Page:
Tamar Lakes are located on the border of Cornwall and Devon. The lakes are split into two distinct areas – Upper and Lower Tamar. Upper Tamar is where you’ll find the watersports action while Lower Tamar is protected as a nature reserve. A dam separates the two stretches of water.
Tamar’s watersports facility is recognised by the BCU (British Canoe Union) and as such offers a full tuition programme with qualified instructors. This is great news if any paddlers are looking to improve their skills as you can do so in a safe and contained environment.
For paddlers wanting to launch their boat then a day’s kayaking will cost £6.50. You then get access to all the onsite facilities which include hot showers and changing rooms.
It’s worth noting that Tamar Lakes stipulate paddlers must have third party insurance in place for anyone wishing to launch. You’ll be automatically covered if you take out an annual BCU membership.
How to get there:
Just off the A39 next to Kilkhampton.
Changing rooms, showering facilities and onsite café are all available for visiting paddlers to use after paying the launch fee (the café can be visited anytime without additional cost).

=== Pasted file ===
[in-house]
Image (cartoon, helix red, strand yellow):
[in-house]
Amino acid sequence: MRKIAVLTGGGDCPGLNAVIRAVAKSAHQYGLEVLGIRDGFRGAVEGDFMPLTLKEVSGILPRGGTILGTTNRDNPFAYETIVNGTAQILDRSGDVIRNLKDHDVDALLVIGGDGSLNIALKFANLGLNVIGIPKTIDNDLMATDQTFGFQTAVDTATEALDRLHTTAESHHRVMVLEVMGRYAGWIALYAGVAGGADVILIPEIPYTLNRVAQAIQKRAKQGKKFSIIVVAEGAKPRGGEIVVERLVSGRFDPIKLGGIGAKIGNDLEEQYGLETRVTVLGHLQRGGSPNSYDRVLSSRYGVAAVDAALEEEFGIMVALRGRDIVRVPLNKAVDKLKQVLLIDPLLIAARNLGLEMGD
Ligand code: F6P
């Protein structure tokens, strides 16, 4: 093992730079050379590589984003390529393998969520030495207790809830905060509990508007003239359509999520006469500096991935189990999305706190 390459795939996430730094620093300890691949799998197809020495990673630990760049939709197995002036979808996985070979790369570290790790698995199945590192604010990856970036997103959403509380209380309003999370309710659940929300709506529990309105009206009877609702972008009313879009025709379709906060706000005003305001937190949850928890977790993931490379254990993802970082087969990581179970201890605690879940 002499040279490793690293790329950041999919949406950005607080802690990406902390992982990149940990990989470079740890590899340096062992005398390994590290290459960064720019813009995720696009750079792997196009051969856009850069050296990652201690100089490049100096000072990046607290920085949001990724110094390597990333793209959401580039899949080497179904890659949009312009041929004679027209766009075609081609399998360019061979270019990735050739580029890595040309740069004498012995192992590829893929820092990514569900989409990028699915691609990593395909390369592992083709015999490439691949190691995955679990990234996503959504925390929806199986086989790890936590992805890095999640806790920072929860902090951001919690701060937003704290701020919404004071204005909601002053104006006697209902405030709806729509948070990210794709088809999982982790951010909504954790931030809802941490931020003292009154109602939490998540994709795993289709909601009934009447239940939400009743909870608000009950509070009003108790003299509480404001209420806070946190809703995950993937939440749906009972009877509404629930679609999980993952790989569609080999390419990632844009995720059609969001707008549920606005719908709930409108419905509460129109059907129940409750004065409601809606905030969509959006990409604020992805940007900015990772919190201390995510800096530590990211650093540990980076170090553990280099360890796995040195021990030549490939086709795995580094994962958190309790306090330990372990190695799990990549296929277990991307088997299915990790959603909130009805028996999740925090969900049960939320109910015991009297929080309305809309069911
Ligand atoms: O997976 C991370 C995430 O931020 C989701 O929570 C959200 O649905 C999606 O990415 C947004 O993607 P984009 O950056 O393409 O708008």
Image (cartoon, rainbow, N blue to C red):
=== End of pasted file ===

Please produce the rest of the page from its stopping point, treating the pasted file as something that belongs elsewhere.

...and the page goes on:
The dam that separates the two lakes is worth avoiding. Care should be taken to not interfere with local wildlife, although again, they’ll no doubt get out of your way first.
Ins and Outs:
Once you’ve paid the launch fee then it’s possible to ‘drop in’ almost anywhere along the banks of the lake. You’ll need to keep the main slipway free, so don’t linger, but using this to access the water is fine as long as it’s not busy.
Sitting in a sleepy corner of the north Cornish countryside, Tamar Lakes offer both a peaceful and tranquil nature reserve environment, for those looking to get away from it all, while also being suitable for the more adrenaline minded visitor.
Being close to Bude, which has even more paddling options, kayakers looking for a diverse set of ‘dropping in’ points will be well served by a trip here.